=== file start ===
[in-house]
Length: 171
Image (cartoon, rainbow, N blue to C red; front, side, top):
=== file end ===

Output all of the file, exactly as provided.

[in-house]
Length: 171
Image (cartoon, rainbow, N blue to C red; front, side, top):